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Accueil du site → Doctorat → Allemagne → 2014 → The role of microorganisms in the nutrient cycling of subtropical savannah soils

Technischen Universität Carolo-Wilhelmina zu Braunschweig (2014)

The role of microorganisms in the nutrient cycling of subtropical savannah soils

Huber, Katharina

Titre : The role of microorganisms in the nutrient cycling of subtropical savannah soils

Auteur : Huber, Katharina

Université de soutenance : Technischen Universität Carolo-Wilhelmina zu Braunschweig

Grade : Doktorin der Naturwissenschaften (Dr. rer. nat.) 2014

Résumé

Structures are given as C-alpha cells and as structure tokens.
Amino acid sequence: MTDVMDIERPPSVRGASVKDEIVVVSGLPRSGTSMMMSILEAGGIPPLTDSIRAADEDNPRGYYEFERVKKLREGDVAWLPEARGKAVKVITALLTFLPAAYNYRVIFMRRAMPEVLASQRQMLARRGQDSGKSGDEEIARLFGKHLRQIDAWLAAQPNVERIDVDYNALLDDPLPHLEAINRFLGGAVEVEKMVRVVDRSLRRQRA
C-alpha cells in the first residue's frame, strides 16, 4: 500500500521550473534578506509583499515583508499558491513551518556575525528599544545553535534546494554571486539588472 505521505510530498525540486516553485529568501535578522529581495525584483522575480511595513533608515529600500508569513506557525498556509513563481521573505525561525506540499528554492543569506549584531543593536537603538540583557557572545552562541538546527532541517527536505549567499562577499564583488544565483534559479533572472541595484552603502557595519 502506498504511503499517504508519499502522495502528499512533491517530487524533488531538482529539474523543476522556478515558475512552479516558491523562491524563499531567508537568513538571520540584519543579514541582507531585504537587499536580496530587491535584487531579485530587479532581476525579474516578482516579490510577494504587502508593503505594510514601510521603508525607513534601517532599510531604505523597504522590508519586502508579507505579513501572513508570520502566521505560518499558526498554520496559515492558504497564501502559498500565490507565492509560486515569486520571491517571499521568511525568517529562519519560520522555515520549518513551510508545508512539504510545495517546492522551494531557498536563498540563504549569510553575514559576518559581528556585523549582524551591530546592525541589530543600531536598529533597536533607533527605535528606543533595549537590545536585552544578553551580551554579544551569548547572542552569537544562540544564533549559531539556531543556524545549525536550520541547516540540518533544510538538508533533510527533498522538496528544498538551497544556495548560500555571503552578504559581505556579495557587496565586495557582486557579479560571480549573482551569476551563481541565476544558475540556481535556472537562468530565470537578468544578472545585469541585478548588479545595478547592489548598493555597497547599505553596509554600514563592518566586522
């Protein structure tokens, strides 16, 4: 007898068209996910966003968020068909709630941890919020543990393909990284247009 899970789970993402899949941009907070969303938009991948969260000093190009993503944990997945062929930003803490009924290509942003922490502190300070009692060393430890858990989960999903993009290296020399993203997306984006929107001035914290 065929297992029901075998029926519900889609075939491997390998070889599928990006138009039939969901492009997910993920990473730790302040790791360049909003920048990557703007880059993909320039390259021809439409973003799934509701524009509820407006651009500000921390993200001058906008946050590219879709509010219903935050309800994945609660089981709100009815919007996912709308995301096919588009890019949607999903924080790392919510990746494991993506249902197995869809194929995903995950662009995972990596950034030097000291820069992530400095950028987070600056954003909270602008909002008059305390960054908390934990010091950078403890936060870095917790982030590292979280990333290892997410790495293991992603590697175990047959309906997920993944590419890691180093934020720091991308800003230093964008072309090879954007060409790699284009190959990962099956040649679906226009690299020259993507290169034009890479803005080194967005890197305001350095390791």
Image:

The identification of environmental factors controlling and influencing the soil microbial community and hence the nutrient cycling were investigated in the present study. The breakdown of soil organic matter is initialized by exoenzymes. The activities of the glucosidase, xylosidase, phosphatase and aminopeptidase varied with the soil type, the land use type and the water availability. Moreover, the land use type and the water availability influenced the liberation of nitrogen from complex amino compounds by ammonification and nitrification as well. In sandy Subsaharan savannah soils the decreased nutrient and water availability, the lower aggregate stability reduced total bacterial cell numbers and therefore activity values. But the soil microbial community benefit from stable soil aggregates, nutrients and water provided by soil organic matter in nutrient rich dark loamy pristine soils, pristine woodland and bushveld savannah soils and in the peatland soils. Both land use type and water availability effected the active microbial community composition as well. Predominantly bacterial phyla and species adapted to the nutrient limitation, water stress and heat survived the conditions in the sandy soils. Proteobacteria and Actinobacteria as typical soil phyla dominated the riparian woodland and bushveld savannah soils whereas Firmicutes and some Actinobacteria benefit from the drought in the bushveld soils and from the conditions in the agriculturally used soils. Anthropogenic impact as the addition of fertilizers decreased microbial abundances of the Proteobacteria and Actinobacteria and provided growth advantage of the Firmicutes. After the dry season and rewetting of the soils during a stimulation experiment fast growing Gammaproteobacteria dominated the active microbial community in the riparian woodland and bushveld savannah soils. High abundances of nitrogen fixing microorganisms and microorganisms well adapted to phosphorus limitation in soils confirmed nitrogen and phosphorus limitation in the subtropical savannah soils. In the present study two new representatives were isolated from Namibian soil samples and characterized. Due to morphological, physiological, phylogenetic and molecular characteristics the new isolates A22_HD_4H and Ac_23_E3 were proposed as the new genus Aridibacter with the new species A. famidurans and A. kavangonensis, respectively.

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